I’ve been reflecting a lot lately on the character traits of the people I enjoy spending time with. In the past week, it has become clear that a few simple words and thinking before you speak (or write) can help you be a great friend, spouse or coworker. I’m far from perfect, but it’s a new week, so I’m focusing on the following things:
1. Pay someone a compliment
Last week a college friend wrote me on Facebook, telling me she likes reading this blog, and that she finds my posts useful. Other people “liked” her post. I went from feeling stressed at work to feeling like a million bucks. The next day, I was getting ready for work (rushing as usual), and Chase looked over at me and said, “Gosh, you’re beautiful.”
A compliment is a great pick-me-up and it’s so easy. There are things you like about everyone around you. Why don’t you tell them?
2. Say thank you
I’m doing some freelance work right now, writing bios for a real estate firm’s website. Some agents have written to tell me what a great job I’m doing and thanking me for helping them out. The compliment combined with a sincere “thank you” makes me enjoy the work more, knowing that someone appreciates my efforts.
Work is not the only place where a little gratitude can go a long way. Chase thanks me for doing laundry. I thank him for bathing the kids. These are things we have to do, but the expression of gratitude reminds us that we appreciate each other taking care of these mundane tasks.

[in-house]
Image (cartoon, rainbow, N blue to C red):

3. If you can’t say something nice, don’t say anything at all
This one is probably the most important. We all learned this rule as children, but maybe we forget as we get older. I do my best to be positive and when I have something negative pop in my head, I try to bite my tongue. Those who don’t run the risk of damaging relationships.
Over the weekend I wanted to get my nails done and thought it would be fun for Avery and I to have a girl’s outing, so I took her while the boys were at t-ball practice. She was so excited for “purple nails.” I posted the photo below on Facebook and many people “liked” it and left nice comments. Unfortunately, a family member made a snide comment, and that one rude comment stuck in my head more than all the positive ones. If he thinks I shouldn’t indulge in the “excess” of $3 toddler manicures, he is welcome to his opinion, but why write it?
As I get older it’s become more important to me, in both my personal and professional life, to surround myself with positive people. I want to be one of those people, too. What about you? What things do your friends, family or coworkers do that make you enjoy their company?